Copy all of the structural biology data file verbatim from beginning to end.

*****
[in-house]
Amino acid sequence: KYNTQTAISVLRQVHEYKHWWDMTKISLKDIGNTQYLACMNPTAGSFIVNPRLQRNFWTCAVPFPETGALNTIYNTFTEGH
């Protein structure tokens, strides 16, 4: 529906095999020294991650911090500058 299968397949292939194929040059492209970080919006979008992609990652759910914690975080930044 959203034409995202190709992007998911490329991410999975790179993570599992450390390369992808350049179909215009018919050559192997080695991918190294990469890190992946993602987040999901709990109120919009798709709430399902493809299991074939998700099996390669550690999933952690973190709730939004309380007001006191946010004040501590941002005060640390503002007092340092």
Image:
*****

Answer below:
[in-house]
Amino acid sequence: KYNTQTAISVLRQVHEYKHWWDMTKISLKDIGNTQYLACMNPTAGSFIVNPRLQRNFWTCAVPFPETGALNTIYNTFTEGH
């Protein structure tokens, strides 16, 4: 529906095999020294991650911090500058 299968397949292939194929040059492209970080919006979008992609990652759910914690975080930044 959203034409995202190709992007998911490329991410999975790179993570599992450390390369992808350049179909215009018919050559192997080695991918190294990469890190992946993602987040999901709990109120919009798709709430399902493809299991074939998700099996390669550690999933952690973190709730939004309380007001006191946010004040501590941002005060640390503002007092340092």
Image: